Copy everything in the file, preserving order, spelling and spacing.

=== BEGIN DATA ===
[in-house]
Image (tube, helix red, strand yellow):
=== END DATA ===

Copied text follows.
[in-house]
Image (tube, helix red, strand yellow):